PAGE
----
U.S. Department of Justice Announces Additional Guidance in Corporate Prosecutions
By: Matthew Palmer-Ball
The U.S. Department of Justice (“DOJ”) recently announced new guidance for federal prosecutors investigating corporate misconduct. The announcement from Deputy Attorney General Lisa Monaco, who oversees the DOJ’s criminal branches, is an update on DOJ’s ongoing initiative to revise how the federal government prosecutes corporations and executives. Much of the announcement is less novel than it is a formal recognition or emphasis of many longstanding DOJ practices. Similarly, much of the message is a call for yet-to-come changes in the on going initiative. Nevertheless, several announcements are noteworthy.
First, DOJ appears to finally commit to specific incentives for self-disclosure. DOJ has long demanded that companies self-identify internal wrongdoing but has only noncommittedly promised favorable outcomes to those companies in return. Now, Monaco directs all DOJ components to: (1) “not seek a guilty plea where a corporation has voluntarily self-disclosed, fully cooperated, and timely and appropriately remediated the criminal conduct” and where there are no “aggravating factors,” such as “misconduct that poses a grave threat to national security or is deeply pervasive throughout the company”; and (2) “not require the imposition of an independent compliance monitor for a cooperating corporation that voluntarily self-discloses the relevant conduct if, at the time of resolution, it also demonstrates that it has implemented and tested an effective compliance program.” Aside from policies specific to a couple of DOJ subcomponents, never before has DOJ so explicitly put its money where its mouth is.
Second, DOJ now specifies a statute of limitations of sorts for when prior criminal, civil, or regulatory investigations should be considered as aggravating factors in a pending investigation. For clarification, when deciding how to resolve a pending investigation (guilty plea, deferred prosecution agreement, non-prosecution agreement, etc.) or in determining penalties, DOJ considers whether the target company has had prior investigations and how similar they were to the pending investigation. Monaco now advises prosecutors that “criminal resolutions entered into more than ten years before the conduct currently under investigation, and civil or regulatory resolutions that were finalized more than five years before the conduct currently under investigation, should generally be accorded less weight.” While this instruction still leaves prosecutors plenty of latitude in assigning weight to those resolutions, the 5- and 10-year markers are explicit guideposts.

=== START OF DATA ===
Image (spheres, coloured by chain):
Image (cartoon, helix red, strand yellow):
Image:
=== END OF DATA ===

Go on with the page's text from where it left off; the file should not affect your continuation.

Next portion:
Finally, to boost commitment to effective compliance programs, DOJ makes some specific suggestions to tie executives’ compensation directly to compliance success. When companies are under investigation, Monaco directs prosecutors to review executives’ compensation structures as one factor in determining how seriously the company takes compliance. As a carrot, DOJ proposes that companies should pay financial incentives when metrics and employee reviews demonstrate “compliance-promoting behavior.” As a stick, it suggests paying a portion of compensation through escrow accounts or under the protection of clawback provisions so that executives do not retain financial benefits when their companies later face punishment for compliance violations. A company under investigation that compensates its leaders regardless of compliance track record should expect that structure to negatively impact prosecutors’ decisions regarding penalties and case resolutions in the future.
Matthew R. Palmer-Ball
Matt Palmer-Ball is a seasoned trial attorney and former federal prosecutor. He concentrates his practice in the areas of complex commercial litigation, white collar crime, and internal and government investigations. Prior to joining Wyatt, Matt served as a Trial Attorney with the U.S. Department of Justice’s Public Integrity Section and as an Assistant U.S. Attorney for the District of Columbia. Read more.